Thursday, September 15, 2011

Review: Rikon 70-050 Midi Lathe

I recently sold my Delta 46-701 lathe. Two primary reasons:

  1. Too bloody big for my one car garage.
  2. Needed the money (I've been out of work).
But I use a lathe a lot, so I needed to sell the Delta for enough $$ to buy a smaller replacement as well as have some cash.

 It worked out really well. The Delta sold the same weekend that Woodcraft had the Rikon 70-050 online for $200. AND $5 flat rate shipping. Sweet!

Opening the box my initial impression was that the lathe was very substantial. While it is comparable to the PSI Turncrafter Pro I used to have in size and features, the Rikon is heavier and has a superior fit and finish. It is also quieter. My old Delta, having a Reeves drive, was a noisy beast. This Rikon is quiet and a pleasure to use.

I mentioned fit and finish. There are two places where the lathe itself shows a lack of attention to detail. First is the Rikon badge on the bed. It's a puffy sticker that wasn't well attached. I was able to pop it right off and stick it back on.

The other place is in the upper belt access door behind the headstock. The paint is cracked at the tab:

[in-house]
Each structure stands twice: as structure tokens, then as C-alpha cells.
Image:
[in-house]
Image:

While neither are work impacting, I worried that there would be other more important issues. But as of yet, I've found none.

I do recommend dumping the centers that come with the lathe, however. When I checked the center to center alignment I found it to be off.

Turned out to be the live center wasn't square. When I installed my own live center it was fine. So the one that came with the lathe has been relegated to the box of crap I'll never use.

Vibration is far less than the Delta or the Turncrafter. But a small amount is still there. That small amount went away when I bolted the lathe directly to the table.

And I finished off my little workstation by drilling out some 1.25" holes around the back to hold my tools:

In conclusion: The lathe was absolutely worth the $200. Without a variable speed, I don't think it's worth much more than that. The 70-100 has the variable speed and is a superior lathe. But it is much more expensive. By the way, this lathe had a retail price of $339. Far too high.

It's a capable and pleasurable lathe that I wouldn't hesitate to recommend.

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